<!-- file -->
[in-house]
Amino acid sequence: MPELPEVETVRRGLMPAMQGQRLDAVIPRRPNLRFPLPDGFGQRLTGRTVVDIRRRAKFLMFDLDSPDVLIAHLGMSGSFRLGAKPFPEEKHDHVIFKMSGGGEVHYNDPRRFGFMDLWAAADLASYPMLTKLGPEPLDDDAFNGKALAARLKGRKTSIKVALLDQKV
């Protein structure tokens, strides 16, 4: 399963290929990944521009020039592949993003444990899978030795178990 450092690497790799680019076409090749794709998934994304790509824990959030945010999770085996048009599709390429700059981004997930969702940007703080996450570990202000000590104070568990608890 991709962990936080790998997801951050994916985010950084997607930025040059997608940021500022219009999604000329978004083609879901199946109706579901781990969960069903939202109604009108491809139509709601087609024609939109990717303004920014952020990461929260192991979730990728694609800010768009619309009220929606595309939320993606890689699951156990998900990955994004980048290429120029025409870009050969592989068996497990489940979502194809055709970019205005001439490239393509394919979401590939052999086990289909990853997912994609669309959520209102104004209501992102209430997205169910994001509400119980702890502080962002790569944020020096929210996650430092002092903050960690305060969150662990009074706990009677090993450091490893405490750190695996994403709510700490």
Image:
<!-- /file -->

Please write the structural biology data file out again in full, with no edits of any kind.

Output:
[in-house]
Amino acid sequence: MPELPEVETVRRGLMPAMQGQRLDAVIPRRPNLRFPLPDGFGQRLTGRTVVDIRRRAKFLMFDLDSPDVLIAHLGMSGSFRLGAKPFPEEKHDHVIFKMSGGGEVHYNDPRRFGFMDLWAAADLASYPMLTKLGPEPLDDDAFNGKALAARLKGRKTSIKVALLDQKV
């Protein structure tokens, strides 16, 4: 399963290929990944521009020039592949993003444990899978030795178990 450092690497790799680019076409090749794709998934994304790509824990959030945010999770085996048009599709390429700059981004997930969702940007703080996450570990202000000590104070568990608890 991709962990936080790998997801951050994916985010950084997607930025040059997608940021500022219009999604000329978004083609879901199946109706579901781990969960069903939202109604009108491809139509709601087609024609939109990717303004920014952020990461929260192991979730990728694609800010768009619309009220929606595309939320993606890689699951156990998900990955994004980048290429120029025409870009050969592989068996497990489940979502194809055709970019205005001439490239393509394919979401590939052999086990289909990853997912994609669309959520209102104004209501992102209430997205169910994001509400119980702890502080962002790569944020020096929210996650430092002092903050960690305060969150662990009074706990009677090993450091490893405490750190695996994403709510700490």
Image: